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Limbic hypometabolism in Alzheimer's disease and mild cognitive impairment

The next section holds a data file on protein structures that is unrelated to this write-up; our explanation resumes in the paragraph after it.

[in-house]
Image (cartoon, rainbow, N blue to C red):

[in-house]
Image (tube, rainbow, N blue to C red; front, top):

The neural basis of the amnesia characterizing early Alzheimer's disease (AD) remains uncertain. Postmortem pathological studies have suggested early involvement of the mesial temporal lobe, whereas in vivo metabolic studies have shown hypometabolism of the posterior cingulate cortex. Using a technique that combined the anatomic precision of magnetic resonance imaging with positron emission tomography, we found severe reductions of metabolism throughout a network of limbic structures (the hippocampal complex, medial thalamus, mamillary bodies, and posterior cingulate) in patients with mild AD. We then studied a cohort with mild cognitive impairment in whom amnesia was the only cognitive abnormality and found comparable hypometabolism through the same network. The AD and mild cognitive impairment groups were differentiated, however, by changes outside this network, the former showing significant hypometabolism in amygdala and temporoparietal and frontal association cortex, whereas the latter did not. The amnesia of very early AD reflects severe but localized limbic dysfunction.